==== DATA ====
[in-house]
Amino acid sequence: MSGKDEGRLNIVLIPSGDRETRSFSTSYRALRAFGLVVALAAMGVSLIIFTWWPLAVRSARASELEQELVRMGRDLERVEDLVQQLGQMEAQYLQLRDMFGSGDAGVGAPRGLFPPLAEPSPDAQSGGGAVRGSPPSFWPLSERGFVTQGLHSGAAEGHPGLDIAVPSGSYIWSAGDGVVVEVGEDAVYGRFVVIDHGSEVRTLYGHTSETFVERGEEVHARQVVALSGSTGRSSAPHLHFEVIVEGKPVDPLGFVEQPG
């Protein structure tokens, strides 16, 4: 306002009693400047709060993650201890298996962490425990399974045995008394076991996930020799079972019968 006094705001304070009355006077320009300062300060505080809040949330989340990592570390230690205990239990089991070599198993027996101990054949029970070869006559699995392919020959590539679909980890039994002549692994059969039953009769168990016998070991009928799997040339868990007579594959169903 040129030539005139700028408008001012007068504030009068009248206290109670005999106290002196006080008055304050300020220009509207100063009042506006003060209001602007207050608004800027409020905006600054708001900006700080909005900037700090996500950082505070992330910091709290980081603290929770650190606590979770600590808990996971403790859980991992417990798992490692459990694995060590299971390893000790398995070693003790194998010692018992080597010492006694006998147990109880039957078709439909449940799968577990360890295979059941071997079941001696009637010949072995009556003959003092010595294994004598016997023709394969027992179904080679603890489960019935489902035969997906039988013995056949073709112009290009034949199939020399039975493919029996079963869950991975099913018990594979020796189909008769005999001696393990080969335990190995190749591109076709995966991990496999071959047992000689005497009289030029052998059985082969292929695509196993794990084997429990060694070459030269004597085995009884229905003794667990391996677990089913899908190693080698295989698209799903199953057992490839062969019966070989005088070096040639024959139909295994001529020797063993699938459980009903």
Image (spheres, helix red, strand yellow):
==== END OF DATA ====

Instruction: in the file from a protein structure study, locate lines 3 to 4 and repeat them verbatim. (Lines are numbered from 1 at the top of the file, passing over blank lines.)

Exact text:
């Protein structure tokens, strides 16, 4: 306002009693400047709060993650201890298996962490425990399974045995008394076991996930020799079972019968 006094705001304070009355006077320009300062300060505080809040949330989340990592570390230690205990239990089991070599198993027996101990054949029970070869006559699995392919020959590539679909980890039994002549692994059969039953009769168990016998070991009928799997040339868990007579594959169903 040129030539005139700028408008001012007068504030009068009248206290109670005999106290002196006080008055304050300020220009509207100063009042506006003060209001602007207050608004800027409020905006600054708001900006700080909005900037700090996500950082505070992330910091709290980081603290929770650190606590979770600590808990996971403790859980991992417990798992490692459990694995060590299971390893000790398995070693003790194998010692018992080597010492006694006998147990109880039957078709439909449940799968577990360890295979059941071997079941001696009637010949072995009556003959003092010595294994004598016997023709394969027992179904080679603890489960019935489902035969997906039988013995056949073709112009290009034949199939020399039975493919029996079963869950991975099913018990594979020796189909008769005999001696393990080969335990190995190749591109076709995966991990496999071959047992000689005497009289030029052998059985082969292929695509196993794990084997429990060694070459030269004597085995009884229905003794667990391996677990089913899908190693080698295989698209799903199953057992490839062969019966070989005088070096040639024959139909295994001529020797063993699938459980009903």
Image (spheres, helix red, strand yellow):